Phil Friedman of Mount Sinai recalls his first date with his wife, Annie -- and his future in-laws.
I had just broken up with a girlfriend in March 1967 when my twin brother's girlfriend took pity on me and offered to set me up on a blind date with her friend Annie. "Thanks, but no thanks," I said. But a couple of months later, I agreed -- just to get her and my brother off my back. I called Annie and we set up a date. Coincidentally, we lived several blocks apart in the Flatbush area of Brooklyn.
When I came to pick her up at Gabe's candy store, her parents' business on East 64th Street in Bergen Beach, Cupid's arrow hit me. She was petite and cute as a button. Annie was 17 and I was 20.
Unfortunately, her mother had just told her she was grounded for having stayed out a little too late a week earlier. So date one was sitting at the counter drinking egg creams and talking, while being watched by her parents. I spent as much time talking to her mom.
We hit it off, as our backgrounds were very similar. Her parents and mine were Holocaust survivors. Annie was born in France and I was born in Germany. Our families came to the United States in the early 1950s.
Before I left, we set a second date. Her mom, in her very Hungarian accent, told me in no uncertain terms that she had rules and regulations, including an 11 p.m. curfew. I didn't know if she was pulling my leg, but one look from her dad and I wasn't going to find out.
On date two, Annie's birthday, I borrowed my friend's car and we went to a movie and then to dinner at Cooky's Steak Pub, a medieval-themed restaurant in Valley Stream. We continued seeing each other, always following her mom's rules and regulations, whether on a date at Rockaway Beach, her Madison High School senior prom or Jahn's ice cream parlor. The more time I spent with her, the more I realized she was the one I wanted to be with forever.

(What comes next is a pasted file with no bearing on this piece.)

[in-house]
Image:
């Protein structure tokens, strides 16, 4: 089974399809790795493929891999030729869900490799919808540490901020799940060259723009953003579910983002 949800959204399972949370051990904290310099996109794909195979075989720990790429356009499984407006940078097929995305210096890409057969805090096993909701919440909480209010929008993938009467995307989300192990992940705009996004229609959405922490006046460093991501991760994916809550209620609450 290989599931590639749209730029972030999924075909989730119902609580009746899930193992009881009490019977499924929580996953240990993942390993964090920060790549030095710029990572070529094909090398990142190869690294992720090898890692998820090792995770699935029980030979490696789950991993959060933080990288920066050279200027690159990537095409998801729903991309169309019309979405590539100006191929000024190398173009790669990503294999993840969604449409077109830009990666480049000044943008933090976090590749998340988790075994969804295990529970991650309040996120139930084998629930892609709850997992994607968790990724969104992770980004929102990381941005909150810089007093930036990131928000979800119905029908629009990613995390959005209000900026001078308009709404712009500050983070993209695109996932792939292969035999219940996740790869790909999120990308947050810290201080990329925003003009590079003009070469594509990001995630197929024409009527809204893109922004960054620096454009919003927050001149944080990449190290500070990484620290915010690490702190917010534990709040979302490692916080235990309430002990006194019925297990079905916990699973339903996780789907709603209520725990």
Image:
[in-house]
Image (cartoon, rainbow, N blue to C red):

Eight months later, we got engaged, and on June 21, 1969, we got married at Manhattan Beach Jewish Center. Her mom became a great friend and her dad bought me my first car. My parents loved Annie and my dad called her "Kitchie," or little kitten.
We moved to our home in Mount Sinai in 1973. We have been blessed with three wonderful sons, three caring and sweet daughters-in-law, three dynamite grandsons and one super granddaughter. In July, we celebrated our 45th wedding anniversary with a Caribbean cruise.
Annie is an aide at Mount Sinai High School and I recently retired as a vice president of marketing for QAD, a software developer.
As in every marriage, there have been many wonderful experiences and some bumps along the road, but with Annie as my partner, the bumps were never that rough and the journey has been the ride of my life.